TOPEKA, Kan. (AP) -- The sounds of Spanish fill the classroom of a Topeka magnet that is on its way to becoming one of the only schools in the state to offer a full-time, comprehensive bilingual program.
"Kevin, ya acabaste todo?" said Maricela Cerenil to one of her preschool students, asking whether he was finished eating breakfast. In the room next door, the scene was similar but in another language.
That's the model at Scott Dual-Language Magnet Elementary School, where a mixture of native English- and Spanish-speaking students spend part of their day learning in one language, and the rest in the other, The Topeka Capital-Journal (http://is.gd/empVX7) reported.
Though the Topeka district had piloted bilingual classes for four years, last year it decided to convert Scott into a fully dual-language school.
Plans call for non-bilingual classes to gradually disappear at the school, which has more than 550 children from preschool to fifth grade. The transition is expected to be completed by 2017.
"It's enrichment," said principal Sarah Lucero, a native Topekan who grew up speaking Spanish and English. "It's not taking away or threatening English."
The program is modeled after Horace Mann Dual-Language Magnet in the Wichita school district. School board member Patrick Woods said his desire to see a program like Horace Mann's in Topeka was part of his motivation for seeking office.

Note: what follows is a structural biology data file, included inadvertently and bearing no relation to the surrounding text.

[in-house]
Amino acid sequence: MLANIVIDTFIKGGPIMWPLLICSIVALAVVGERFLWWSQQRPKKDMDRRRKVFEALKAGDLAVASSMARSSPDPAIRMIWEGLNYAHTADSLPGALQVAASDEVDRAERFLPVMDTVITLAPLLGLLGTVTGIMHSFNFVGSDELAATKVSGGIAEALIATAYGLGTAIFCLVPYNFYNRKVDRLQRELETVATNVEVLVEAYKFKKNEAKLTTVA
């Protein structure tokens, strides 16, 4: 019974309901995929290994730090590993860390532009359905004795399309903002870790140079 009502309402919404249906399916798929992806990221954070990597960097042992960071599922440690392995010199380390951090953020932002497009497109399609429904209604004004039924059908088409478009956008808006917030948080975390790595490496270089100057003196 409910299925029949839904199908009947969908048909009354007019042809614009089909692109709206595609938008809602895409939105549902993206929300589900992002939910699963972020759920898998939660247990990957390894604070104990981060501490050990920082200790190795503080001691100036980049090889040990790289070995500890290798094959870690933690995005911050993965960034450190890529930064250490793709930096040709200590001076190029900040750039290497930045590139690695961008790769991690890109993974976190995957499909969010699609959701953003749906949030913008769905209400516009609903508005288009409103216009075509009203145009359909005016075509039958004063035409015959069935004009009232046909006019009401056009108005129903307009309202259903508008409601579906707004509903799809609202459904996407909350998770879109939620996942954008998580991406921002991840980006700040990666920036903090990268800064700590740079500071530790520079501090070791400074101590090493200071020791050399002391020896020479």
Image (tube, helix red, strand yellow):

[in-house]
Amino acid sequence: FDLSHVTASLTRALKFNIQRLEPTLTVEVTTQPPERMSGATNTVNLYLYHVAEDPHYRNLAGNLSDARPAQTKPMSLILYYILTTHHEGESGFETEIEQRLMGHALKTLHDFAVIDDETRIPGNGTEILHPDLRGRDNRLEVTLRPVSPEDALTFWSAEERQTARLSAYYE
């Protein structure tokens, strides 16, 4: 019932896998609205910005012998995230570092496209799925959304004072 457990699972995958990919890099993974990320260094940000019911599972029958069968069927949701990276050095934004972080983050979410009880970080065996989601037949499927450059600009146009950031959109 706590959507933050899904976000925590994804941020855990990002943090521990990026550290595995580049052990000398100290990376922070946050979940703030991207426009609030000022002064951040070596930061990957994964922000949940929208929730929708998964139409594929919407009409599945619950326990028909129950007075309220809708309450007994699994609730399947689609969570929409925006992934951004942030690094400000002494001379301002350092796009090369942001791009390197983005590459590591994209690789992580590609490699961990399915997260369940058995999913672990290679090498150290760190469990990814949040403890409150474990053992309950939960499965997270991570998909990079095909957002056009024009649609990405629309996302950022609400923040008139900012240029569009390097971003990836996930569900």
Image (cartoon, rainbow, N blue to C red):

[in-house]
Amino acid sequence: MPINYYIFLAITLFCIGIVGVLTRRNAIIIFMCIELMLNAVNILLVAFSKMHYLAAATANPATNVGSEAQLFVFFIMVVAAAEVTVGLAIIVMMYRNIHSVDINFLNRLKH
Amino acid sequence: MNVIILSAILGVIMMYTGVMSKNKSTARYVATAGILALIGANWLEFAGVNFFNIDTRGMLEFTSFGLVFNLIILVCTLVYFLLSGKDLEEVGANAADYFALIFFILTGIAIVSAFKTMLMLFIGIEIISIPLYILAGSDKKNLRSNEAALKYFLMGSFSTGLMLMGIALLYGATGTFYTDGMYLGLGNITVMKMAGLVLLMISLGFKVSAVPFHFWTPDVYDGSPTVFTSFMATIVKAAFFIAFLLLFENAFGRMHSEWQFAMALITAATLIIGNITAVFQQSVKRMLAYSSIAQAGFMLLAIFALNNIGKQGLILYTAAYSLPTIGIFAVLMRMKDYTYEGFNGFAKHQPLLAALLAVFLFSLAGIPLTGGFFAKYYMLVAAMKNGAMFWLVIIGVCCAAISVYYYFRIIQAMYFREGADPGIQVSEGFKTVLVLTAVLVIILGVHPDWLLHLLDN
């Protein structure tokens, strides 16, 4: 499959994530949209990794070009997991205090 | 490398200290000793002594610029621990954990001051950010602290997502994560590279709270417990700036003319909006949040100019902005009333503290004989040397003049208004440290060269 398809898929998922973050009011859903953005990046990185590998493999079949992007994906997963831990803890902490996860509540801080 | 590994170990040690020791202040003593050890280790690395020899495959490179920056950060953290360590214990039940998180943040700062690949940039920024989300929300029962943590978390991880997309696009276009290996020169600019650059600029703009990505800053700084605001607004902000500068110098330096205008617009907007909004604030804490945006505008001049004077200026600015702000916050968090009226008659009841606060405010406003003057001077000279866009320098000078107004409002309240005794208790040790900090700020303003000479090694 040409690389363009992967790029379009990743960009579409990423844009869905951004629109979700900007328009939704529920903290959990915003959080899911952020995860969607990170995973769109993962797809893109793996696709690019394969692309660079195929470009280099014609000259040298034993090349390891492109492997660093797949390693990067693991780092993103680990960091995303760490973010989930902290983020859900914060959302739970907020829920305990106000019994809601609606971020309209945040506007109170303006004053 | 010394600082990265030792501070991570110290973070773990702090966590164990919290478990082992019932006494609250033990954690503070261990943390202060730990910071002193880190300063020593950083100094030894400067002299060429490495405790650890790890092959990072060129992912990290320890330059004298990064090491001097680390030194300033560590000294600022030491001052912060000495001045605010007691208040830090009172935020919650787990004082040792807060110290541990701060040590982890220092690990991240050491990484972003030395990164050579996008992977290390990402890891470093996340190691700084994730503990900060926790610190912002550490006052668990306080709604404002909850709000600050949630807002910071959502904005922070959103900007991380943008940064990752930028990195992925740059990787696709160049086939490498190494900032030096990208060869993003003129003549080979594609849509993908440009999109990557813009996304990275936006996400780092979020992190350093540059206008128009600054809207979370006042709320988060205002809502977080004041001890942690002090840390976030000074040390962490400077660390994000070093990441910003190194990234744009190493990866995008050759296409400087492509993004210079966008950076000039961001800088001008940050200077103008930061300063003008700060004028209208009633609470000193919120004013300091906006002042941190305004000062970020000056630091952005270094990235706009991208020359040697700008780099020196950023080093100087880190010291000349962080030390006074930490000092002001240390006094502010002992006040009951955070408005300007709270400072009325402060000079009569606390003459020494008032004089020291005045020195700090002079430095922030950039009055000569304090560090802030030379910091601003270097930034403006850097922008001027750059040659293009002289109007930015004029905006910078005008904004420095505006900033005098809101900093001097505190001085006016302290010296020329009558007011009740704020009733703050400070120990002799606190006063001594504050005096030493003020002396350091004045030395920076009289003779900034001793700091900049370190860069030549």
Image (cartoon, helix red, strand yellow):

"We need to equip kids with the tools that allow them to compete," said Woods, whose son, Zen, now attends Scott, and whose wife, Anna, used to teach at Horace Mann. "We live in a world where competition is no longer local or regional. Everything is becoming more globalized."
The challenge, for now, is paying for bilingual materials and recruiting the right staff. A fully bilingual library alone could cost around $100,000, estimates Ethel Edwards, the school's librarian until she recently took up the post of union president.
This summer, the district received a nearly $880,000 federal grant to help pay for Spanish-language science materials, library books, a bilingual translator and other costs. The district chipped in nearly $60,000 more for supplies and other expenses.
On the recruitment front, Scott will add two bilingual teachers per year, says Carla Nolan, head of human resources for the Topeka district. The ultimate goal is for half of the school's teaching staff and support staff to be bilingual.
And in three more years, the district may need bilingual middle school teachers, too. That is when the first batch of bilingual students will finish fifth grade at Scott. The district is considering adding a dual-language program within one of its middle schools, and possibly, down the line, adding high-school classes, too.
Ultimately, Lucero hopes, the students might graduate from the Topeka district with a bilingual certificate -- ideally state-endorsed -- that would signal to colleges and employers that the students have a coveted skill.